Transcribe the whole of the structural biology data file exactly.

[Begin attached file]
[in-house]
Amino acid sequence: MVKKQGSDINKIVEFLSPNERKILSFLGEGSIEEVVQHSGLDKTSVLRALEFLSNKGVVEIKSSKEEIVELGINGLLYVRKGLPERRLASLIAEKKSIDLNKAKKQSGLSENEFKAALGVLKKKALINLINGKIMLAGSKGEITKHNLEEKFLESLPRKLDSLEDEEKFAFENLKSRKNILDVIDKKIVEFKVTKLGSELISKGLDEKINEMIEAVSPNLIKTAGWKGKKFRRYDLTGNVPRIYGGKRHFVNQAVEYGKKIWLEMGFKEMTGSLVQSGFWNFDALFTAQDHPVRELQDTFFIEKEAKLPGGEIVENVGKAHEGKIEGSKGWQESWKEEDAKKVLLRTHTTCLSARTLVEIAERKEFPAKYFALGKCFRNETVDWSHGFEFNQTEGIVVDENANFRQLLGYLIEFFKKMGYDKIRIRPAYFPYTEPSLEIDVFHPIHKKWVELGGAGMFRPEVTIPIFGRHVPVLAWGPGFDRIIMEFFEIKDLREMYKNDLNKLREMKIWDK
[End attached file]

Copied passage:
[in-house]
Amino acid sequence: MVKKQGSDINKIVEFLSPNERKILSFLGEGSIEEVVQHSGLDKTSVLRALEFLSNKGVVEIKSSKEEIVELGINGLLYVRKGLPERRLASLIAEKKSIDLNKAKKQSGLSENEFKAALGVLKKKALINLINGKIMLAGSKGEITKHNLEEKFLESLPRKLDSLEDEEKFAFENLKSRKNILDVIDKKIVEFKVTKLGSELISKGLDEKINEMIEAVSPNLIKTAGWKGKKFRRYDLTGNVPRIYGGKRHFVNQAVEYGKKIWLEMGFKEMTGSLVQSGFWNFDALFTAQDHPVRELQDTFFIEKEAKLPGGEIVENVGKAHEGKIEGSKGWQESWKEEDAKKVLLRTHTTCLSARTLVEIAERKEFPAKYFALGKCFRNETVDWSHGFEFNQTEGIVVDENANFRQLLGYLIEFFKKMGYDKIRIRPAYFPYTEPSLEIDVFHPIHKKWVELGGAGMFRPEVTIPIFGRHVPVLAWGPGFDRIIMEFFEIKDLREMYKNDLNKLREMKIWDK